Desert Sandstorm and Writer’s Block

“You gain strength, courage, and confidence by every experience in which you really stop to look fear in the face.
You must do the thing which you think you cannot do.”  —Eleanor Roosevelt

            Photo:  John Haslam  foxypar4

I have been dealing with writer’s block lately, like so many writers do.  Sometimes I think creativity is like a grain of sand in the middle of the desert.  When all is calm, the grains sit there storing up energy.  Then the winds begin, stirring up the grains, and creativity comes to life as the grains move and re-form, taking on new shapes in new places.  I’m telling myself that at this time the grains of sand in my own personal desert are at rest, but soon the energy will burst forth on the wings of the wind and I’ll be able to write again.

For several summers I attended the International Women’s Writing Guild’s summer conference at Skidmore where I took classes from other women writers who had successful careers and had published novels or poetry or drama or memoir.  The best class I took was from Alice Orr.  She presented great lessons in writing, but her best advice was to write for at least an hour every day, without ever taking a day off.  I took her advice because I had been working on a young adult novel for many months but it wasn’t finished.  When the session ended, I went home, bought a special pen and grid notebooks, and set to work for an hour every night.  I was teaching at the time and it wasn’t easy, but I finished the novel only because she taught me how.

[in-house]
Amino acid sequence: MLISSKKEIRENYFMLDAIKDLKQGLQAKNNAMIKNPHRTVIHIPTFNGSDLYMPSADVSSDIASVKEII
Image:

I wish I had her in front of me now, nudging me into writing daily.  Sometimes I try to convince myself that I am working at writing because I am thinking about what to write or thinking about what is wrong with something  I have already written.  I read blogs and am awed by those writers who blog daily.  How do they do that, I wonder.  How does that happen?  Their discipline and drive and creativity convince me even more of my own inadequacy.  The thing about writing, however, is that it is very addictive.  It’s not like one can really give it up.  But calm does settle over the desert until the stormy winds start up and ideas are born.  I’m waiting today in the stillness.

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